The TGL indoor golf league continues to take shape.
On Oct. 31, the league unveiled its ‘Modern Match Play’ format, which will see teams compete in 15-hole matches in front of a live audience.
The first nine holes—dubbed the first session—will feature a 3-on-3 format. The second session, or the remaining six holes, will be a rotating 1-v-1 style of play.
It is an unprecedented style of golf, as it will commence on Tuesday, Jan. 9, on ESPN.
But before the first shot is struck, fans will need to have a better understanding of the rules, which were released on Monday by TGL.
First, the 2024 TGL season will feature a shot clock.
Each player will have 40 seconds to hit their shot, similar to the 40-second play clock utilized in NFL football games. Should a player fail to hit their shot within that 40-second timeframe, then his team will be assessed one penalty stroke.
A referee will also be present for matches, and he will serve as the arbitrator for any shot-clock issues or infractions. The referee will enforce the rules, predicated on the PGA Tour’s traditional rules of golf and the unique regulations set forth at the SoFi Center.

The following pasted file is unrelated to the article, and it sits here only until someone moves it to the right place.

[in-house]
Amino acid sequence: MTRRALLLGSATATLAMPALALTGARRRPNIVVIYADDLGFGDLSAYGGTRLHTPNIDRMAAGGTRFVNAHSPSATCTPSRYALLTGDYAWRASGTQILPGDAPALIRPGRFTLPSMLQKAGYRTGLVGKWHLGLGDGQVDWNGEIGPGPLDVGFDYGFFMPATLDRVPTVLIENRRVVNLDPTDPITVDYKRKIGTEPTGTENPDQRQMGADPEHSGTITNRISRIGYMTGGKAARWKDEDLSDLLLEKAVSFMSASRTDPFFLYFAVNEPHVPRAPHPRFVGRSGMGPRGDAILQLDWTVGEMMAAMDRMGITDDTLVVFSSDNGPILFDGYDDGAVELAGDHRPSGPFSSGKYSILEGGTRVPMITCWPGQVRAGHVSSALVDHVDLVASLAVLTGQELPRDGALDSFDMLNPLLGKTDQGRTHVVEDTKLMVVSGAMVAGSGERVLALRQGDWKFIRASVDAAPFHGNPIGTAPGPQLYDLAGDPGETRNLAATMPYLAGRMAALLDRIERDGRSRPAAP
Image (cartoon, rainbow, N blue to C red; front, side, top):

Additionally, a booth official—an expert on the rules of golf—will be present, assisting the referee with any calls or incidents that may transpire.
The referee will be the point of contact for timeouts, as each team will have four at their disposal.
: Timeouts not used during the first session will not carry over to the second session. For the team that is playing their shot, timeouts may be called at any point until the shot clock expires. pic.twitter.com/uFfaRgmR5Z
— TGL (@TGL) November 6, 2023
During the first session, teams will receive two timeouts. Then, two more are allotted to the second session. There are no carryovers, like football.
Timeouts can be called by any team member who verbally signals or gestures to the referee. They can be called at any point before the 40-second shot clock expires.
But timeouts cannot be called consecutively, meaning a player cannot call two timeouts during one turn. Should a team call a timeout, they must wait for the shot to be played before calling the next one.
Perhaps a strategy of utilizing timeouts in TGL will draw parallels to icing the kicker in football games. With the game on the line, football coaches tend to call a timeout to make the kicker think about their upcoming kick a little bit more. Sometimes, it leads to an errant strike, but often, it does not.
Nevertheless, this strategy could be employed when a player has a big putt for the win at the end of the second session. Or maybe before someone has a tough shot on a par-3. Who knows—the possibilities are endless.